After you have collected the data then you have to begin the task of organising it in your project. this crucially depends on when and how you will collect the data. your teacher will check your data before you start writing up the internal assessment . if there is insufficient data then you may be asked to change your title to something where information is more readily available or to change the title/research question to tailor the research and information that you have already collected in order to make your research suitable for usage., arranging the data:.
Once again no one form of presentation is better than another. However, you must think in terms of standardisation – presentation is much more effective if there is a consistent style. Secondly, you must cite every piece of data you include. This is critical; you will lose marks if you do not. Citing can also be useful as it points to the reliability of your data. At the very worst you could also be accused of plagiarism if you do not cite all the data.
Referencing the Data:
The IB takes referencing the data very seriously indeed. Not just because of the plagiarism issue but because the Bibliography, References and Appendix show the extent of your research. However, be warned the project is not marked by weight – in fact the more ‘padding’ you add the more chance you have of losing marks.
T his is used for material that would otherwise destroy the flow of your argument. E.g. sample questionnaires or company accounts. The IB is not impressed with students who try and beat the word limit by dumping huge tracts of materials in the appendices. The golden rule is only put it there if you have used it and if you don’t need to use it – don’t! You will eventually highlight the information in your appendices that you have referred to in your report.
T his is a list of all the references you have cited in your report. It must be in alphabetical order and only include sources that you have cited in your report
A reference gives full details of the source cited in the work; the parts or elements of the reference should be noted in a consistent order. Use of a recognized style guide will help ensure consistency, and will also ensure that all required elements are included.
A citation in the text links to a full reference in the bibliography. BSM recommends that you use the MLA style of citation. The IB say that you must use a consistent style.
Step 5: Formatting & Writing Your IA
The ib expects you to have created more than one draft of the business report. this is to show that you have modified your work as you go along. after you have submitted your first draft you will be given feedback and advice on how you can improve your report. the ib have a required format for the report. you need to make sure that you include all of the sections outlined and they must also be in the correct order., format of your ia:.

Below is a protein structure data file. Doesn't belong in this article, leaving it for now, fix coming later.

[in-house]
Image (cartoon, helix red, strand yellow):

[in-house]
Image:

This page should give a clear indication of what is contained in the research project
This section should acknowledge any individual(s) who has made the production of the Internal Assessment and Written Report possible.
Table of Contents
This should include the major headings in the report, beginning with the Executive Summary. Page numbers should be clearly indicated.
The Executive Summary provides a review of the document as a whole, outlining conclusions drawn and recommendations made. Together with the title, the Executive Summary should provide a clear overview of the document. It is imperative, therefore, that it is explicit yet brief (maximum 200 words).
This should be written last and should be in the PAST TENSE
It is essential that the executive summary include three elements:
the research question
the scope of the research (including the methodology)
the main findings, conclusions and recommendations.
The function of the Introduction is to demonstrate background knowledge about the organization, and set the context of the report.
Also to give a clear outline of the topics under investigation and to outline the rationale for the research.
This is a clear, unambiguous question that indicates the scope of the investigation and requires an answer. A well-devised question is more likely to result in a report that achieves high marks.
The research question should be reviewed at the end of the process and amended if necessary .
Procedure or Methodology
This should be a summary of the primary and secondary research undertaken and the business techniques (theories and decision-making tools) applied. It should also include an assessment of the validity and reliability of the data collected (e.g. partiality, bias and scope) and the methods employed. You should explain any changes made as the work progressed.
Main Results & Findings